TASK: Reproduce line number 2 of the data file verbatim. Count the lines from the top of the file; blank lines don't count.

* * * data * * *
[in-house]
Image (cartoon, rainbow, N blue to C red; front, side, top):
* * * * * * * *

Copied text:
Image (cartoon, rainbow, N blue to C red; front, side, top):